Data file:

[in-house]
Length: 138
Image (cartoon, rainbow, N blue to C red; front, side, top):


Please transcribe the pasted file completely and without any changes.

[in-house]
Length: 138
Image (cartoon, rainbow, N blue to C red; front, side, top):